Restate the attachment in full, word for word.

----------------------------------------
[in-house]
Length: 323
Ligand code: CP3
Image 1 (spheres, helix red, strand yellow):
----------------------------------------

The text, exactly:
[in-house]
Length: 323
Ligand code: CP3
Image 1 (spheres, helix red, strand yellow):